“There is nothing to writing. All you do is sit down at a typewriter and bleed.”
Anyone struggling with the process of writing, and coming across this well-known quote by Ernest Hemmingway, might feel even more anxious about their writing than they did before reading it.
Anne Lamott doesn’t make the writing process sound any easier.
“You sit down at approximately the same time every day. You put a piece of paper in the typewriter, or turn on your computer…and then you stare at it for an hour or so. You begin rocking, just a little at first, and then like a huge autistic child. You look at the ceiling, and over at the clock, yawn, and stare at the paper again….. But you hold an imaginary gun to your head and make yourself stay at your desk.”
Anne Lamott, Bird by bird.
These quotes make writing sound like a terrifically hard slog. Like writing with a capital W.
Anne Lamott goes on to say,
“I wish I felt that kind of inspiration more often. I almost never do. All I know is that if I sit there for long enough, something will happen.”
Writing appears to be a process that is filled with Drama… And we writers love Drama, don’t we?
When it comes to writing, it’s best to keep the drama on the page and out of your writing process. Because then writing becomes writing without a capital W. It becomes a pleasurable, and very do-able, activity.
Like with everything else in my life, I firmly believe that my thoughts create my experience. And so I use my thoughts to create my writing experience as well.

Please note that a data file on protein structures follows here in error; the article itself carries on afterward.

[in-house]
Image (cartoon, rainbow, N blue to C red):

I always tell myself that writing is enjoyable, that I am filled with creative ideas and that writing is easy. That doesn’t mean it’s quick, or that it’s perfect, or that it isn’t work. It simply means that I approach my writing time with a sense of ease and relaxation, rather than with anxiety and tension.
“This is how you do it: You sit down at the keyboard and you put one word after another until it’s done. It’s that easy, and that hard.”
I do exactly that. I sit down and do what is required – but I do it with a positive attitude. Sometimes I plan with pen and paper, sometimes I write. Sometimes I delete and edit, other times it’s going right back to the drawing board and starting over. But all of these aspects of writing are normal parts of the writing process, and can be done with a sense of ease and confidence.
And why not? Writing, like any other art form, does require work. But you can choose how to get the work done. You can choose to get bogged down in all the drama that surrounds writing, or you can simply sit down and write, one word at a time.
(Anne Lamott’s book is a brilliant one, by the way, and filled with great wisdom. Read it when you get a chance. (Bird by bird: Some instruction of writing and life.))
Before you go:
If you’re interested in writing, why not hop over to my Skillshare classroom where I offer several writing courses as well as Art Journaling ones. You can click on the links below;-)
10 Ways to Develop Your Story Idea
6 Fun Creative Writing Hacks
Intuitive Development for Writers